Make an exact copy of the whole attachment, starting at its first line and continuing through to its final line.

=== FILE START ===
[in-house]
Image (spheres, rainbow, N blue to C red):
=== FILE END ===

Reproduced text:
[in-house]
Image (spheres, rainbow, N blue to C red):